Art, design and history have been interwoven to create a fascinating new exhibition that aims to rekindle Scotland’s ancient love of linen.
Our Linen Stories, which is accompanied by talks and other activities, will be launched in the exhibition space at Custom Lane in Leith today (Saturday, 5 May) and will later tour Scotland, Northern Ireland and the Netherlands.
It celebrates the role the cloth, and the flax from which it’s made, has played in the past – telling tales of weavers and workers, of migrant skills, and of trade routes and industrial might.
The exhibition also shows what is being done with these amazing materials today and how they can help us build a sustainable, innovative, high tech future.
The man behind the initiative is Edinburgh-based former GP John Ennis who believes that Our Linen Stories will feature a series of historic, artistic and contemporary design firsts.
Dr Ennis said: ‘When people think of Scottish textiles it’s often tartans, tweeds and Paisley shawls that spring to mind. But linen should be up there too. Its role in the story of Scotland was huge but it’s slipping out of history and at risk of being forgotten.
‘Just as importantly Scotland is lagging behind some other countries in recognising that flax and related innovative composite materials can play an invaluable part in achieving our ambitions to build an innovative, high tech, low waste future.
‘Our Linen Stories brings together new artworks and the latest in product design with stories, songs, poetry and historical research to highlight what a powerful part they played in making the Scotland of today and how much they could contribute to the Scotland of tomorrow.’
The exhibition features work by a dozen designers, including:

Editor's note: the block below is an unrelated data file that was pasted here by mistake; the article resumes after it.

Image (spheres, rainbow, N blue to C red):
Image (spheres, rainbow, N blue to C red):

The first UK showing of new artworks by Linda Green, internationally acclaimed textile artist (the early results of her Creative Scotland artist bursary);
Scotland’s first showing of the new Pilgrimage linen interiors range by Duncan Neil, inspired by the sketchbooks from a 19th Scot’s tour of the Holy Land;
The first exhibition in Scotland of Christien Meindertsma Flax Chair, recently chosen as part of the permanent collections of the Vitra Museum and Design Museum London;
Folklore, history and recordings of folk songs by Scottish linen weavers;
Work by Borders artist Felicity Bristow, created as part of her award of the inaugural £10,000 Gayfield Design Commission;
A first chance to see Dutch weaver Helena Loermans’ recreation of the linens great artists such as El Greco used as the canvases for their masterpieces.
In times past, the merchandising of processed flax and woven linen from the vast mills offering fine cloth, sacking, sailcloth and tarpaulin were the foundation for one of the Scotland’s first banks – the British Linen Bank. The parts of the flax plants not used for linen allowed Edinburgh to create some of the world’s biggest rope factories.
There will be key examples of product design, such as skis from Perthshire, made using new generation composite materials derived from flax. Other exhibits range from baby slings to reading lamps.
Dr Ennis said: ‘This is a chance to see everything from art to innovative designs and products by 12 designers from Scotland, Northern Ireland and the Netherlands. Linen and flax are truly amazing – you can use them to sit on, read by, sleep under and even to ski. In this exhibition you can see, feel, read and hear about them all.’
The exhibition will be held at Custom Lane, 67 Commercial Street, Leith, Edinburgh, EH6 6LH, running until 26 May. Full details HERE.